Merger is not that popular with the Sedbergh Junior School parents never mind Casterton ones - we chose Sedbergh Junior School because it wasn't big with loads of facilities - there are endless numbers of preps like that around - we liked the small family type boarding houses, small numbers and the close proximity to Senior School. We are now supposed to be overjoyed that our children will go to a type of school we didn't want, miles away from where it used to be. We, like a lot of others would have waited until 13 to go to Sedbergh if we knew this was happening!!
Agree with AntEaterAgain - the two schools are complete opposites with regards to the type of child they suit - I wouldn't send a shy or sensitive girl to Sedbergh - ones I know are very feisty and outspoken!

TwoBoiledEggs Thu 04-Apr-13 08:29:31

If you ask anyone about Sedburgh having too many girls for the space available they look rather baffled! That's nonsense spin IMO.
Personally, as a parent I do feel very strongly that while parents can "vote with their feet" and move, they are not merely customers of the product. They are more like investors as for parents it's a long term affair - you are effectively trusting the school over a period of 5/7/11 years to invest themselves and their school in your child in return. Not suddenly change ethos and location and size and headship and governance and character and and and...
Personally, I think Sedburgh will run the prep school at Casterton for a few years and then suddenly "listen to parents" like CBJAY and well as "listening to the market" and sell the assets. Sad :-(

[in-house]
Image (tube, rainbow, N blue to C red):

hels71 Thu 04-Apr-13 22:38:11

Both schools are very different. I think the above poster is correct when they suggest SJS will run at CAsterton for a few years then the site will be sold.
As far as I am aware some of the reasons CAsterton parents are upset are:

They chose a small single sex school, with a good record of academic results for their daughters. All of a sudden they are being told that from September their children will be going to a large co-ed school with less good academic results. They were given no warning, no time to think about this and look for alternative schools...just "This is what will be happening, isn't it good"

The letter talks about merger and keeping CAsterton ethos etc...but in fact the school will be Sedbergh with Sedbergh uniform, Sedbergh hours etc...

The way the news was given out to the girls was shocking. It seems they were told in an assembly that from September they would be part of Sedbergh....

Parents of girls who started in September are understandably unimpressed at having made large finacial outlay for nothing. Some had even moved house to enable their girls to go to the school.

It was implied that girls who will be half way through GCSE and A levels in September would be able to continue the same courses. However some are now saying that girls will have to redo the whole of year 10/12 and start again.

Parents got together a plan that could have saved the school. The governors refused to meet with them until after the takeover (NOT a merger) had gone through. Even if they had said "yes we thought of that but it would not work" it would not have hurt to meet parents.

Had the governors handled this differently there would have been much less anger and frustration even if the end result had been the same. If parents had actually had chance to think about Sedbergh, to visit it and talk about what it could offer AND have plenty of time to look at other schools if that was what they wanted then maybe there would be less anger.

However there is some talk of the merger maybe being overturned...I don't have the details of this so don't know exactly how.....but it is being mentioned on the Westmorland Gazette and on the Save CAsterton facebook page.

PRogerson Mon 08-Apr-13 09:45:57